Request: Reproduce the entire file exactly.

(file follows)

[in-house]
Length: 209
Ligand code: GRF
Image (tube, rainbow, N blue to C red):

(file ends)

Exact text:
[in-house]
Length: 209
Ligand code: GRF
Image (tube, rainbow, N blue to C red):